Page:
Japanese generally think of children as innately innocent and virtuous, and they see the outside world as the only element that causes youngsters to stray from their nature, according to a 2004 University of California-Riverside study. The Japanese have historically approached parenting as one would care for a plant that requires careful nurturing, training and pruning for it to grow.
Japanese child-rearing techniques are fundamentally based on notions of children’s dependency on the mother. As noted in an article titled "Discipline in Early Childhood," a cross-cultural scholarly examination of child rearing practices published by the Kansas Association for Infant & Early Childhood Mental Health, Japanese parents traditionally approach child rearing as carrying out basic tasks for them as opposed to teaching children to be autonomous and independent. In the U.S., for example, a mother might encourage her youngster to dress himself, pack his lunch by himself or choose his own play things. But in Japan, parents handle those and many other tasks and responsibilities for the child, even into adolescence. Japanese moms will determine the education, hobbies, and even career paths that their children will develop and pursue. From that child-rearing technique, Japanese children learn to diligently obey and rely upon their parents’ guidance and direction, according to scholars at Southern Utah University.
In Japan, parenting and intimacy go hand-in-hand. From birth, mothers establish an intimate bond with their babies and continue to reinforce that connection throughout childhood. According to the Kansas Association for Infant & and Early Childhood Mental Health, the Japanese mother’s ultimate goal traditionally has been to establish a relationship with her child wherein mother and child share the same mentality, as opposed to having two separate minds. Developing this extreme closeness is preferable to modeling, negotiation and disciplinary techniques when it comes to raising children with social and moral values in Japan. It is tradition for Japanese moms to rely on the intimate bond they’ve established with their children instead of punishment or other forceful methods to persuade and obligate youngsters to behave appropriately.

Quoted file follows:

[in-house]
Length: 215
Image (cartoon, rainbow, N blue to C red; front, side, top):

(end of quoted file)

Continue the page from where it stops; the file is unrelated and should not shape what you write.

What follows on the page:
Feeling Parenting and Nest Building Techniques
Feeling parenting and nest building are two common techniques for practicing dependency and reinforcing intimacy in Japanese families. According to a 2008 survey of the parenting styles of modern Japanese women, parents who implement those approaches spend most time at home with their children and carefully plan and monitor their youngster’s communication, nutrition, education, recreational activities and even fashion styles. Children remain at home for most of the day and are taught to communicate frequently, honestly and exclusively with their mothers. Mom’s role is to be extremely careful and selective when making exclusive decisions about where children go, what they will eat, what activities they engage in and what they will wear. These techniques reinforce intimacy and reliance upon parents.
Rational Parenting Techniques
Rational parenting is another steadfast Japanese parenting child-rearing technique. As noted in a 2008 survey by the Japanese media company Hakuhodo, Japanese parenting integrates outside parenting approaches and practices from a range of resources. Japanese moms who practice rational parenting techniques frequently consult an array of family members, friends, behavioral professionals and educators when making decisions for their children. The difference between this child-rearing technique and other traditional parenting approaches is that rational parenting relies heavily on external sources, while feeling parenting and nest-building techniques rely exclusively on mom’s wisdom and authority.
- Multicultural Families and Adolescents Study: Parenting of Asians
- Kansas Association for Infant and Early Childhood Mental Health: Discipline in Early Childhood
- Southern Utah University: The Place of Advice: Japanese Parents Sources of Information about Childrearing and Child Health
- Hakuhodo: Survey of the Parenting Styles of Modern Japanese Women